Thursday, 18 April 2019

Cost Versus Reality

It costs (between fees, tuition, room, board, meals, beer money, gas money, clothing, etc) around $32,000 a year to attend the University of Tennessee.  So you look at the kid, at age 18, and even if you were devoted to your son/daughter.....the idea of funding them for $130,000 over four years?  It'd drive you nuts.

If there came any hint of boozing up, missing classes, or some whacked-out relationship ruining their attitude about school, most folks would blow-up and get highly frustrated over the situation.

This is one of the little issues that never get discussed.

What if the kid wasn't all that enthusiastic over their degree choice, or felt 'lost' after twelve months of college?  What if the kid was consuming two cases of beer weekly by the end of the first semester?  What if the kid had picked a class with some nutcase professor, and almost a thousand dollars was wasted on knowledge material that was worthless?  What if the kid went through some dramatic break-up with some honky-tonk gal, and lost all desire to finish up the degree?

A lot has changed since the 1970s, and this one issue....the current cost of a college degree, has reached the level where you have to stand there with 'Junior' and ask forty questions over their choice of a college, and sixty questions over their choice of a degree, then every month you have to ask about partying, boozing, and attendance in class.  It's become like buying a $90,000 BMW sports car, or spending $30,000 for a championship horse.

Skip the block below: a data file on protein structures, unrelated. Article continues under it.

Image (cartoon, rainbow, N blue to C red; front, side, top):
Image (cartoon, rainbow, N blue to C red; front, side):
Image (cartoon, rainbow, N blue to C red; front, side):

The Marginalized Time

I don't read Time magazine anymore.  It's been fifteen years since I last picked it up (at an airport), and if you go back over 25 years....I've read less than six editions.  As a kid, I probably picked it up at least once or twice a month.  My take is that it basically ran out of 'value' somewhere in the late 1990s, and people started to quote or talk about their articles....less and less.  Part of this problem was the arrival of CNN, and part of it due to articles being written in a way to 'bait' you.

I would take a guess that you could go into a small southern town of 2,000 folks, and find fewer than twenty subscriptions today from the residents.  It's virtually guaranteed that the doctor or dentist of the town will subscribe, and the local high school will be getting a copy.  Beyond that, it's of limited value.

I noted some news source from today quoted up the newest Time 'article'....they'd gone and selected their one-hundred folks from around the globe who are the most influential.  Curiously,Justice Kavanaugh made it on the list, and the gal who accused him of rape/sexual assault, Christine Blasey Ford, also made it on the list.

You could throw the picture of Kavaugh and Ford up on the wall with 98 others, and ask folks to identify it.  I doubt if you could get more than 5-percent of people who identify both of them.  If you asked folks if they were 'influential'?  I suspect the vast majority would start laughing and question how you'd make up such a list.  In the minds of most, their local pharmacy guy, or car-mechanic guy are more influential than Ford or Kavanaugh. 

Was the 'deck' stacked when this influential list was cranked out?  One might suspect that.  But does it even matter?  Are there even any readers consumed with knowing the influential hundred, or for that matter reading Time on a regular basis?  I have my doubts.  Maybe it is still the number one magazine for dental waiting rooms, or tire shops....but beyond that, does anyone quote them anymore?